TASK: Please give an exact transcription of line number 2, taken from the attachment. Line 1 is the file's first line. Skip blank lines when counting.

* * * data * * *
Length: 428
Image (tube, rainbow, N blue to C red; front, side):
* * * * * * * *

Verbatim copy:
Image (tube, rainbow, N blue to C red; front, side):